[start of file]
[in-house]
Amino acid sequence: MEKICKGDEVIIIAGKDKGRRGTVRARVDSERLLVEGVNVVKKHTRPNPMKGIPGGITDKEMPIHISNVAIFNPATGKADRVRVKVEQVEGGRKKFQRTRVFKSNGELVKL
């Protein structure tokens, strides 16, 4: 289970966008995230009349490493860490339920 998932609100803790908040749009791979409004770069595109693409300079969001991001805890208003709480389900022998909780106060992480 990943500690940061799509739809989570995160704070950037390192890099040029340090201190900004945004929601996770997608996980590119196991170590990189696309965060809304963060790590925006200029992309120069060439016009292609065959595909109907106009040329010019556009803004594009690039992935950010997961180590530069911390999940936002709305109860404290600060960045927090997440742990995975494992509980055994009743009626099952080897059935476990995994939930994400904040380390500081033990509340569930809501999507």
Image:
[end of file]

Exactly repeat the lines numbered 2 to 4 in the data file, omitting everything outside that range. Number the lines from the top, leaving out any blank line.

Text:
Amino acid sequence: MEKICKGDEVIIIAGKDKGRRGTVRARVDSERLLVEGVNVVKKHTRPNPMKGIPGGITDKEMPIHISNVAIFNPATGKADRVRVKVEQVEGGRKKFQRTRVFKSNGELVKL
């Protein structure tokens, strides 16, 4: 289970966008995230009349490493860490339920 998932609100803790908040749009791979409004770069595109693409300079969001991001805890208003709480389900022998909780106060992480 990943500690940061799509739809989570995160704070950037390192890099040029340090201190900004945004929601996770997608996980590119196991170590990189696309965060809304963060790590925006200029992309120069060439016009292609065959595909109907106009040329010019556009803004594009690039992935950010997961180590530069911390999940936002709305109860404290600060960045927090997440742990995975494992509980055994009743009626099952080897059935476990995994939930994400904040380390500081033990509340569930809501999507």
Image: